Our company deals with life insurance and offers customized software to customers. We have a standard, a common set of product features that is the same for all customers. And then we have customization for specific customer problems. And that’s my job too, customizing software for specific needs.

The customer request is analyzed, issues are created in Jira, and a plan is made on how to proceed. If we have 3-week sprints between releases, a certain amount of work will be scheduled. We then choose the tasks in the team. We are divided into several categories, some working on the GUI, others with models for insurance.

What is your specialisation in this process and what tools do you use for your work?

I specialize in the business logic behind life insurance. We program in Java, use Jira by default to manage issues, use Maven to build environments, and use Jenkins to integrate packages. For database systems, we use DB2 or Oracle.

Java developer looking into the code in the monitor on the table with a msg life mug
The position of Java developer at msg life requires experience and knowledge of German.

For junior applicants, a developer’s salary is probably the biggest attraction. Expectations are high, but this position probably requires some experience. What do you think would be a good fit for the department?

The ideal candidate for the Java position is a programmer with experience and preferably with knowledge of German. Although your German doesn’t have to be at such a high level. More or less, English is quite sufficient here, but there are also German courses available, and it’s expected that one reaches a certain level of communication in German.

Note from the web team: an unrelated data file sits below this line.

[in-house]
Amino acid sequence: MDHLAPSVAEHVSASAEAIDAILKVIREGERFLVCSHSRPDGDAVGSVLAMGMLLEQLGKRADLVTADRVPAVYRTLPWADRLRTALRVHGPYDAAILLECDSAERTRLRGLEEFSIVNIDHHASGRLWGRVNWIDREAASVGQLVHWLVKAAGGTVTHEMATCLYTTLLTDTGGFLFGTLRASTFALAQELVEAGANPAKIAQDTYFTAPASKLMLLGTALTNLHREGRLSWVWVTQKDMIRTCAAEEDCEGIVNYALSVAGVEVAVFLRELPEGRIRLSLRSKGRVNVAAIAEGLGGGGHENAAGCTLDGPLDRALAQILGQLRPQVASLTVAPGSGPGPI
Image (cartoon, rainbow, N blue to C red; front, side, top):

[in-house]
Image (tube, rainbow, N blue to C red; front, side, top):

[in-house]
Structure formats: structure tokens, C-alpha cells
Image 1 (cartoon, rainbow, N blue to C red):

It’s mainly because we work on projects with German colleagues, and not every team is English-speaking. If the whole team had to adapt to one colleague, it wouldn’t make sense. This is one of the reasons to learn German.

Those experiences are, of course, different for a senior Java developer and different for a junior Java developer. During the initial interview, you need to have certain theoretical knowledge on both fronts. I would recommend reviewing the main object-oriented principles. Every Java programmer takes an initial test with a colleague who specializes in that area. It’s not a difficult test; it’s designed more to reveal the thought process of the candidate.

When you came to msg life Slovakia, did you already have experience with programming?

Yes, I have had the experience. I started in a company where we were building human resource management software, working first in C++. When we started to integrate new functionalities into the HR system, we switched to Java, which was my first experience with this language. In another company we were building a portfolio management system in C#, it was actually a system for managing traded positions on the stock exchange. It all fitted together and gave me a comprehensive view of languages, so a very good school.

When I finished there, I was looking for a smaller company with a family atmosphere. I don’t like open-spaces, I prefer smaller offices where I don’t have to muffle the noise with headphones. My sister was working at msg at the time and told me about an open position. In my first contact with them, I was immediately impressed by how open they were. That was about 8 years ago, and I’ve been here ever since, so I guess they’re doing well, and so am I.